‘The book grows out of a particular contemporary conjuncture which is not just Indian but perhaps global. It is not merely political but ideological.’
We all use ‘liberalism’ in our speech quite liberally while we talk about politics these days. And it is not just in India but globally. We all seem to take the word for granted. We tend to forget that it is not a mere political ideology but it is deeply set in our conscious as well. There are different degrees of being liberal. There are massive differences between the types of government which hang on to liberalist ideology, both effective and destructive. When we talk about liberalism we talk about Nehru, Hitler and Stalin in the same breath. Now we know that all the mentioned personalities are very different from each other but what binds them together is a belief that a man should be free to do what he likes and a government should respect the freedom.
This book tells you the ways in which liberalism can be effective and destructive.
The cover is very simple and apt. There is a hint of intolerance but basically portrays a straight talk. It works and well.
The author safely begins with talking about liberalism as a global phenomenon and not just Indian. Before he begins we wants everyone to understand the literal meaning of the word which is a sandwich of words ‘Liberty’ and ‘individualism’. Liberalism is therefore a free thinking ideology with concentration on the individual rights.
Mukherjee traces back the history of liberalism where the first time ever the author John Locke questions the right over the property over which a labour toils. By his assumption, the worker has a right over his labour and the fruit of his labour. This therefore makes him a part owner of the property he has worked over. This thought came over during the time in Britain when the king was the sovereign. All the property was of the state and in turn of the king solely. With the germination of the idea came the term political economy. The whole concept of division of the fruits of labour and share of economy with those who have worked towards it became a much discussed topic.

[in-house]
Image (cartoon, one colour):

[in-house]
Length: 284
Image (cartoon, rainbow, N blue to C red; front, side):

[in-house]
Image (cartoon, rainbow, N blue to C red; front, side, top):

While Locke spoke about individual rights over economy and politics, Mahatma Gandhi in India was least accepting of the ideology of individualism. He, backed by Rabindranath Tagore, firmly believed in the concept of community. He was famously a force forever condemning of effects of industrialisation over western mass. He believed industrialisation to be the sole reason for a man’s ever growing greed.
Nehru on the other hand was a liberal himself. He intended to use industrialisation to the country’s advantage. He saw a political upliftment through the idea and embedded in the constitution along with Ambedkar in different repeats.
Mukherjee talks about the two personalities who believed in two different ideologies but worked together for the betterment of the country. However, firm belief in individualism can also be fatal when everyone believes in the rights of an individual. When there is a set idea of liberalism there is a politics force that implores us to believe in the same thing they do since their liberalism is superior to any ideology you may follow. This resulted in the regime of Hitler in Germany and Lenin and Stalin in Soviet.
The same ideology has immensely affected these across the globe differently. The wide spectrum is comprehensively explained in the book tracing history with economic development and individual rights.
Mukherjee concludes the book with a note on the current political scenario with respect to Brexit, Trump and the Government in India. Is liberalism, again, in threat? Mukherjee makes you wonder.
To be frank I did find the language to be a little pretentious when I began reading but soon it got over the language trouble because the content was so interesting. I wish the language was simpler so I didn’t have to keep referring dictionary or wish I was reading on Kindle.
I absolutely loved the cover. It is not often that I get to say this about non fiction but I did really like the cover on this one. The content is engrossing. You will find yourself glued to the subject.
I wish the language was simpler. Too many difficult words would only make a reader feel not up to it.
I am glad I read the book. It puts the world in perspective.
Whom do I recommend this to
This book is for those who generally enjoy non-fiction on politics.